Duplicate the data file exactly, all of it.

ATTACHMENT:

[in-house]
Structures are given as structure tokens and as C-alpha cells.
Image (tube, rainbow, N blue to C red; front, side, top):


[in-house]
Structures are given as structure tokens and as C-alpha cells.
Image (tube, rainbow, N blue to C red; front, side, top):